Would be nice to stream audio directly with the presentation to facilitate things like investor calls without requiring a full conferencing solution

Take reveal.js to the next level with markdeck. It a dockerfied version of reveal using markdown and graphics generated on the fly with asciitosvg and graphviz. https://github.com/arnehilmann/markdeck

My favorite Reval.js trick is to iframe my public demo site. I give a quick look into the actual thing being presented, without switching windows.

My university examiners always ave at my presentations.

I'm very happy using this tool, but I have to admit you need to be HTML savvy to be really productive. For me the WYSIWYG editors are surely a stepdown for now, and sadly I haven't seen much improvement recently.

I've been using lookatme[1] for my presentations, which converts Markdown to a slides format, and I absolutely love this project. I found out about it through a few people who presented at an online Neovim talk in this format.

[1]: https://github.com/d0c-s4vage/lookatme

I heavily use/rely on Reveal.js.

Lately I switched over to use RevealJS via asciidoctor [1] and I was really pleasantly suprised how far you can get (see example presentation [2]) and completly sticking to the Asciidoctor-way (source [3])

[1] https://github.com/asciidoctor/asciidoctor-reveal.js

[2] https://bentolor.github.io/java9to13/

[3] https://github.com/bentolor/java9to13/tree/master/docs

I’m a big fan of reveal.js via reveal-md: https://github.com/webpro/reveal-md. Makes it very easy to quickly create good looking slides without clicking around GUIs.

I've dabbled with reveal-md a bit and I like it, but I really want to love it more. I found that, even as a programmer, presentation slides is one of those things that I just wish I'm using a WYSIWYG GUI editor to create. I remember trying out reveal-md; and a little while later, went back to Google Slides next time, and found it simply more liberating to write slides in a GUI. I'll admit this may simply be personal preference though. Or I simply need to give it more time to try to write slides in markdown?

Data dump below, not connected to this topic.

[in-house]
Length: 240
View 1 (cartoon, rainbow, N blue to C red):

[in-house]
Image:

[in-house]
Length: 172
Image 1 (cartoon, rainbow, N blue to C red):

I used to use reveal.js when I was teaching for many of my lessons.

Of course there's an Emacs mode for authoring your deck.


And there I was crafting my own ya-snippets for it! Facepalm

A good use case for Reveal.js is if you have several presentations that share slides:


I wrote a simple builder script that would pull groupings of slides together into different presentations, as well as watcher scripts to rebuild automatically when I saved:


FYI: Slideshow (S9) [1] lets you write your presentations in markdown and than lets you pick one of many template packs [2] such as Reveal.js, Bespoke.js, Deck.js, Shower.js, S6 and some more. [1] http://slideshow-s9.github.io/ [2] http://slideshow-templates.github.io

PS: Yes, Slideshow (S9) is basically a static website generator / compiler for (web) presentations.

I've got a dozen presentations [1] that all use reveal.js. I like it for presenting at live events because I just host them on my public website [2], and if my machine were to die, I could just borrow one from an audience member.

- [1]: https://github.com/tlhunter/presentations

- [2]: https://thomashunter.name/presentations/

ClickHouse presentations are almost 100% in HTML [1].

All of them are based on Shower [2] and to prepare a new presentation I just copy-paste previous presentation and edit HTML directly... actually very understandable and convenient even for C++ developer.

- [1] https://github.com/ClickHouse/clickhouse-presentations - [2] https://shwr.me/

Shower looks nice but reveal.js has some really great features like a blank screen button and presenter mode with notes a timer and the next slide.

You can make reveal.js slides in a gui at slides.io

I really like Reveal.js.

I feel the design constraints enforced (size / amount of text per slide) is awesome, but at the same time very limiting for technical presentations where large amounts of text data is pretty important.